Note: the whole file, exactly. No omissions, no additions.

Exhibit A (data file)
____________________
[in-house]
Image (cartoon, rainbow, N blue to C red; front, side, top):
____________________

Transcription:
[in-house]
Image (cartoon, rainbow, N blue to C red; front, side, top):